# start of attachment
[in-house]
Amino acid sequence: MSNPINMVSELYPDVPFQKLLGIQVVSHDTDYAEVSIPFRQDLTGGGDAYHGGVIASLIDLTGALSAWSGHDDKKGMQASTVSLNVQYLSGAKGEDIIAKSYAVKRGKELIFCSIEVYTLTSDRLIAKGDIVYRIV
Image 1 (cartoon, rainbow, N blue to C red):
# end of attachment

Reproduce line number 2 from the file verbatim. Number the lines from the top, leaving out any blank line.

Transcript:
Amino acid sequence: MSNPINMVSELYPDVPFQKLLGIQVVSHDTDYAEVSIPFRQDLTGGGDAYHGGVIASLIDLTGALSAWSGHDDKKGMQASTVSLNVQYLSGAKGEDIIAKSYAVKRGKELIFCSIEVYTLTSDRLIAKGDIVYRIV